Professor of Computer Science
Affiliate of the Electrical and Computer Engineering Department
                 Beckman Institute
                 Coordinated Science Laboratory
University of Illinois

Email: mrebl uiuc edu with AT and DOT in their intuitive positions

Current course: CS/ECE 548

Who is Mr. EBL?

1995-present Professor, Department of Computer Science & Department of Electrical and Computer Engineering, University of Illinois
1985-1995 Associate Professor, Department of Computer Science & Department of Electrical and Computer Engineering, University of Illinois
1981-1985 Assistant Professor, Department of Electrical and Computer Engineering, University of Illinois
1980 Instructor, Computer Science Department, Yale University
1979 Ph.D., Computer Science Department, Yale University
1974 B.S., Physics, University of South Dakota

What is EBL?

Explanation-Based Learning (EBL) is an approach to supervised machine learning that relies on prior domain knowledge. We now know that Lockeian tabula rasa learning is mathematically self-inconsistent, and bias (defined as any preference over outcomes not due to the training data) is an unavoidable part of every learning algorithm. EBL can be seen as trying to maximize the bias of a learner. This philosophy sets EBL apart from much of today's statistical machine learning. Importantly, EBL learns so as to be as consistent as possible with both the expert-supplied prior domain knowledge and the training examples; the prior domain knowledge is treated as a kind of analytic evidence to augment the empirical evidence of the training examples. These distinct evidence sources interact nonlinearly and so can provide guidance to the learner far greater than the sum of the information in the training set and information of the prior knowledge.

In EBL, training examples are explained using the domain theory. An explanation is a justification for why a subset of training examples merit their assigned training labels. Other training examples are used to evaluate these conjectured explanations. The informational effect of a confirmed explanation is equivalent to all examples covered by the explanation. Since this can be significantly larger than the training set, the learner can draw much stronger statistical conclusions than would be warranted from the training data alone. From one perspective, EBL uses prior knowledge to magnify the information content of the original training set. From another, EBL uses the training data to unlock or interpret the domain theory so as to limit its "deductive" conclusions to those that are likely to be robust and useful in the real world.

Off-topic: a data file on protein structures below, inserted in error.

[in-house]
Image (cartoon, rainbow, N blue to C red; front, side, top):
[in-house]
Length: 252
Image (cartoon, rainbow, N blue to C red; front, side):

This modern version of EBL works well even with noisy training data and imperfect approximate domain knowledge. Sadly, current textbooks, if they cover EBL at all, present a banal version dating from ten to twenty years ago.

Where can I read more about EBL?

Explanation-based feature construction. BIBTEX Shiau Hong Lim, Li-Lun Wang, and Gerald DeJong. In IJCAI07, the Twentieth International Joint Conference on Artificial Intelligence, pages 931-936, 2007.
Toward robust real-world inference: A new perspective on explanation-based learning. BIBTEX Gerald DeJong. In ECML06, the Seventeenth European Conference on Machine Learning, pages 102-113, 2006.
Explanation-based learning for image understanding. BIBTEX Qiang Sun, Li-Lun Wang, and Gerald DeJong. In AAAI06, the Twenty-First National Conference on Artificial Intelligence, pages 1679-1682, 2006.
Explanation-based acquisition of planning operators. BIBTEX Geoffrey Levine and Gerald DeJong. In ICAPS06, the Sixteenth International Conference on Automated Planning and Scheduling, pages 152-161, 2006.
Qualitative reinforcement learning. BIBTEX Arkady Epshteyn and Gerald DeJong. In ICML06, the Twenty-Third International Conference on Machine Learning, pages 305-312, 2006.
Generative prior knowledge for discriminative classification. BIBTEX Arkady Epshteyn and Gerald DeJong. Journal of Artificial Intelligence Research, Vol. 27 pp. 25-53, 2006.
Feature kernel functions: Improving svms using high-level knowledge. BIBTEX Qiang Sun and Gerald DeJong. In CVPR05, International Conference on Computer Vision and Pattern Recognition, pages 177-183, 2005.
Explanation-augmented svm: an approach to incorporating domain knowledge into svm learning. BIBTEX Qiang Sun and Gerald DeJong. In ICML05, the Twenty-Second International Conference on Machine Learning, pages 864-871, 2005.
Towards finite-sample convergence of direct reinforcement learning. BIBTEX Shiau Hong Lim and Gerald DeJong. In ECML05, the Sixteenth European Conference on Machine Learning, pages 230-241, 2005.
Rotational prior knowledge for svms. BIBTEX Arkady Epshteyn and Gerald DeJong. In ECML05, the Sixteenth European Conference on Machine Learning, pages 108-119, 2005.
Explanation-based learning. BIBTEX Gerald DeJong. In A. Tucker, editor, Computer Science Handbook. CRC 2nd edition, 2004.
The influence of reward on the speed of reinforcement learning: An analysis of shaping. BIBTEX Adam Laud and Gerald DeJong. In ICML03, the Twentieth International Conference on Artificial Intelligence, pages 440-447, 2003.
AI can rival control theory for goal achievement in a challenging dynamical system. BIBTEX Gerald DeJong. Computational Intelligence, 15 no. 4 pp. 333-366, 1999.
Explanation-based learning: An alternative view. BIBTEX Gerald DeJong and Raymond J. Mooney. Machine Learning, 1 no. 2 pp. 145-176, 1986.
Generalizations based on explanations. BIBTEX Gerald DeJong. In IJCAI81, the Seventh International Joint Conference on Artificial Intelligence, pages 67-69, 1981.